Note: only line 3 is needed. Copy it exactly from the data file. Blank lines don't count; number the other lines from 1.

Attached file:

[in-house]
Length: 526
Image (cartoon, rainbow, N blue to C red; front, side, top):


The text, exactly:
Image (cartoon, rainbow, N blue to C red; front, side, top):